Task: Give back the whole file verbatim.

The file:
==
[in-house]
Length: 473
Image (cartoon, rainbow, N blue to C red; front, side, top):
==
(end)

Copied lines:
[in-house]
Length: 473
Image (cartoon, rainbow, N blue to C red; front, side, top):